But at the same time, some artists have a reasonably high output (read: higher than myself / 1 per 2 years), and I  rarely get fed up with it. Sure, I have my remarks about some of their tracks or releases, but every time I hear new work, they surprise me in a way. And without sucking up to the boss, Modelbau is one of those projects. Through Vital Weekly, I heard way more from Modelbau than I ever held possible. And every time I hear a new release, it somehow triggers me. Let’s explore this one as an example.
    “Insomniac’s Dream” is available as a digital download, on cassette and CDr. It contains four tracks between 9 and 13 minutes, resulting in 46 minutes of… well… Modelbau. These tracks were written in 2018 and simply numbered I to IV. Where (I think) I know Modelbau more from a droney approach where complex delays and tape structures form a repetition of modulations and sounds, “Insomniac’s Dream” has a way more soundscapish approach. Massive layers of deep rumble and backgrounds are pushed into the perspective of the foreground. In contrast, the miniature finesses of everyday life are pushed towards the back, resulting in – what was to be expected – a dreamlike state where it’s hard to tell the reality from the dream. The B-side adds heavily filtered sounds, touching the point of feedback but never tipping the scale, and the closing track dives a bit deeper into subtle noisiness. Without it ever becoming noise, though: at most, a bit ‘raw’.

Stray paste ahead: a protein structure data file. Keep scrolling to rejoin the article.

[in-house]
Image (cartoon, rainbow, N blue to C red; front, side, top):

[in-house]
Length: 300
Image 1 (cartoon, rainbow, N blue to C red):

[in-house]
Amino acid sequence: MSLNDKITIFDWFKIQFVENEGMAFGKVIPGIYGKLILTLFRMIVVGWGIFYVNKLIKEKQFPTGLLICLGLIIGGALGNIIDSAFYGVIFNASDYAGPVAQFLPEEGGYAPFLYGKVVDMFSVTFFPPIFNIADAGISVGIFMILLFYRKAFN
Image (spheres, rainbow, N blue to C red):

So isn’t there anything bad on “Insomniac’s Dream”? Well, I would have chosen a different opening sound for track II. Compared to the relaxing state track I soothe you, you are roughly awakened by an alarm. But having said that, recheck the title. Isn’t that what this release is about? Don’t you think an insomniac wants to sleep? And why is (s)he awake, because some inner alarm says so! So, well, yes, I would have chosen a different method/sound to get that effect, but It’s not my release; it’s Modelbau’s, and he did a beautiful job. (BW)
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SHIFTS – WHAT REMAINS (cassette by Grisaille)

The Belgian / English project 48 Cameras once wrote a gorgeous track entitled ‘May the circle remain unbroken’, and somehow, I was thinking and philosophizing about this title. All things start, and all things end, except the almighty circle. But we don’t always want things to end. And then again, not everything that has ended has really ended; it might also be the start of something new. And having said that, some things do end forever, and what is left is “What Remains”.